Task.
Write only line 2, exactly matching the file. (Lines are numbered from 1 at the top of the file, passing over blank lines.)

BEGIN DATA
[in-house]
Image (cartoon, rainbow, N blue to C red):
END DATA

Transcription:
Image (cartoon, rainbow, N blue to C red):